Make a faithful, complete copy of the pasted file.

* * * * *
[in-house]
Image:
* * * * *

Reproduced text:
[in-house]
Image: